Photographer Tom McCool lucked on an open hangar door on Pad 39A on November 27th and dropped a new Falcon…
Photographer Tom McCool lucked on an open hangar door on Pad 39A on November 27th and dropped a new Falcon 9 Block 5 booster in the late stages of integration before launch.
Equal launch of one of two particularly important payrolls sometime Over the next 4-8 weeks, this booster potting is in line with what is expected to be a fairly busy December for SpaceX, highlighted by four possible launches and preparations for the upcoming introductory test flight Crew Dragon.
1; Tom McCool (@ Cygnusx112) November 27, 2018  Currently, SpaceX is the juggling, integration and preflight checkout of at least three shining new Falcon 9 Block 5 rockets ahead of Critical American Air Force and NASA launches in December and January. In accordance with the expected start date, these Booster B1050, B1054 and B1051 are for CRS-16 (Cargo Dragon), an upgraded GPS III satellite and DM-1 (Crew Dragon).
On the East Coast, SpaceX’s next launch is the 16th Operational Resupply Mission for Cargo Dragon, which plans to deliver multi-tonne critical accessories to International Space Station earlier than (NET ) December 4th. The new Block 5 Booster B1050 is already built-in and ready in the company’s LC-40 hangar and awaits the arrival and attachment of a flight-certified Cargo Dragon.
A Cargo Dragon approaches the ISS. (Oleg Artemyev)
While it is not known which Dragon capsule will be, SpaceX holds anywhere between 4-8 recycled spacecraft, although you can build up outer socks (a detachable stern that is embellished with solar collectors and storage space). for each future re-engagement mission. According to CEO Elon Musk and other SpaceX executives, Cargo Dragon was initially designed to have at least three orbital assignments with renovation, and it is possible that CRS-16 could be the third launch for such a capsule.
After sending Cargo Dragon and the upper stage on its way, the Falcon 9 B1050 will likely perform the first recovery time to restore to Block 5 by performing a 180 degree flip and burning back on Florida’s coast to land only a few miles from the launch site.
A flight-certified Cargo Dragon is preparing to launch in support of CRS-14. (Tom Cross)
CRS-14’s Air Force Cargo Dragon caught in circulation in April 2018 by astrologer Oleg Artemyev. (NASA / Oleg Artemyev)
Of the five launches thus competed for the first ten GPS III launches, SpaceX has won all five, while ULA’s Delta IV was awarded a launch agreement for one of these satellites, which led to another four new grips in the next few years. The first GPS series, GPS III serial number 01 (GPS III-01), is now ready for launch pending the completion of some USAF reviews of SpaceX’s recently debuted Block 5 Falcon 9 upgrade.
Now focused on NET December 18, perhaps the most curious aspect of Falcon 9’s first GPS launch is the sharp reality that most characters currently point to a deliberately consumed configuration of new Falcon 9 Block 5 booster. Given that SpaceX has made it unbelievably clear that Block 5 Boosters at least endeavor to perform 10 launches with little or no refurbishment, spending on a new booster without even a single reuse would pose a potentially huge opportunity cost.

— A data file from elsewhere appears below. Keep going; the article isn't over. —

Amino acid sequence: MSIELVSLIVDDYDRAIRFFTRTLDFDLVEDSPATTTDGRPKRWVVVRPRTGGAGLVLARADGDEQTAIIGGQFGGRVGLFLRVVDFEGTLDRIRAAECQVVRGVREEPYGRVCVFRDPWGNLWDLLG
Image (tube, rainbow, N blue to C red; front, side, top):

In all reasonable terms, Falcon 9 Block 5 should be able to place the 3900 kg (8600 lb) GPS satellite in a medium-sized lane with plenty of margin left for a drone ship’s recovery in the Atlantic. It is likely to launch on Falcon 9 B1054, the only possible explanation for a consumption mission would be a request (or demand) from SpaceX’s customer, USAF.
Finally, SpaceX and NASA have – perhaps for the first time in the commercial crew program’s (CCP) history – set a date for the first orbital launch of a spacecraft developed within the scope of the program, in this case, SpaceX’s Crew Dragon on top of a Falcon 9 Block 5 rocket. NET on January 7, 2019, that date is certainly unpleasant, but it indicates effectively that SpaceX is sure about the hardware, the software and the general business side of things are all good to go. SpaceX is now waiting more or less for NASA’s terrible slow bureaucracy to perform the much more everyday tasks to complete paperwork, coordinate ISS schedules to suit Crew Dragon and other diverse tasks.
In this illustration, the SpaceX Crew Dragon Spacecraft is displayed in low ground terrain. (SpaceX)
The DM-2 astronauts Bob Behnken and Doug Hurley train for their first flight in Crew Dragon. (NASA)
B1051 performed its latest static fire in Texas last month and has since sent to Florida. (SpaceX)
The time will tell, but COO and President Gwynne Shotwell announced in October 2018 that she fully expected Falcon 9 and the first orbital Crew Dragon to be vertical in Pad 39A before the month of December is out, in principle ready to start as soon as NASA and ISS scheduling is ready to allow it. It’s almost impossible to know for sure, but the rocket discovered Tuesday in Pad 39A’s hangar might well be Falcon 9 B1051 and a crew-clear upper step that prepares Crew Dragon’s first autonomous test flight or it may be B1054 (uncontrolled) in the late stages for the preparations for SpaceX’s forthcoming GPS III launch.
All will be clarified in the next few weeks. Meanwhile, SpaceX’s next launch – SSO-A on the west coast – slipped into the first days of December thanks to some unusually harsh weather conditions above the launch plate.